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Poll
For ERP LN feature pack upgrade, what method of install are you using?
Installation Wizard into existing VRC
37%
Installation Wizard into new VRC
37%
Manual into existing VRC
5%
Manual into new VRC
21%
Total votes: 43

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Comic for May 26, 2018

Dilbert - May 27, 2018 - 12:59am
Categories: Geek

From Win32 to Cocoa: A Windows user’s would-be conversion to Mac OS X

Ars Technica - 28 min 19 sec ago

Enlarge / OK, technically this wouldn't have even been possible at the time of this initial article, but here's Win10, Win8, Windows XP, and Mac OS X (High Sierra) all together. Thanks Parallels. (credit: Parallels)

Ten years ago around this very time—April through June 2008—our intrepid Microsoft guru Peter Bright evidently had an identity crisis. Could this lifelong PC user really have been pushed to the brink? Was he considering a switch to... Mac OS?!? While our staff hopefully enjoys a less stressful Memorial Day this year, throughout the weekend we're resurfacing this three part series that doubles as an existential operating system dilemma circa 2008. Part one ran on April 21, 2008, and it appears unedited below.

A couple of Gartner analysts have recently claimed that Windows is "collapsing"—that it's too big, too sprawling, and too old to allow rapid development and significant new features. Although organizations like Gartner depend on trolling to drum up business, I think this time they could be onto something. "Collapsing" is over-dramatic—gradual decline is a more likely outcome—but the essence of what they're saying—and why they're saying it—rings true.

Windows is dying, Windows applications suck, and Microsoft is too blinkered to fix any of it—that's the argument. The truth is that Windows is hampered by 25-year old design decisions. These decisions mean that it's clunky to use and absolutely horrible to write applications for. The applications that people do write are almost universally terrible. They're ugly, they're inconsistent, they're disorganized; there's no finesse, no care lavished on them. Microsoft—surely the company with the greatest interest in making Windows and Windows applications exude quality—is, in fact, one of the worst perpetrators.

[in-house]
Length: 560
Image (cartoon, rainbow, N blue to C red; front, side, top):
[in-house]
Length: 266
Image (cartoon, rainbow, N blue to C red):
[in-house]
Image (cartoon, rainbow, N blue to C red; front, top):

Read 29 remaining paragraphs | Comments

DropMix review: Unleash your inner DJ

Ars Technica - 1 hour 9 min ago

Enlarge / DropMix, complete with phone and cards. (credit: Charlie Theel)

Welcome to Ars Cardboard, our weekend look at tabletop games! Check out our complete board gaming coverage at cardboard.arstechnica.com.

Trying to explain what DropMix is can prove a challenge. It’s a game, it’s a chunky piece of hardware, and it’s a centerpiece that breeds discussion. But it’s primarily an experience—and one that’s wholly unique.

This product is brought to us courtesy of Hasbro teaming up with Harmonix, the studio behind the massive hit Rock Band. It’s a tabletop game of sorts that facilitates the ad-hoc creation of custom music mixes. If you ever wondered what Carly Rae Jepsen’s “Call Me Maybe” would sound like when paired with the percussion from Skrillex’s “Bangarang,” DropMix has your answer. What’s surprising is just how effective this piece of technology is.

Read 17 remaining paragraphs | Comments

Gunter Ollmann: Time to Squish SQL Injection

Security Focus - 1 hour 20 min ago
Time to Squish SQL Injection
Categories: Security

Mark Rasch: Lazy Workers May Be Deemed Hackers

Security Focus - 1 hour 20 min ago
Lazy Workers May Be Deemed Hackers

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Can you answer the ERP quiz?
These 10 questions determine if your Enterprise RP rollout gets an A+.
http://www.findtechinfo.com/as/acs?pl=781&ca=909
Categories: Security

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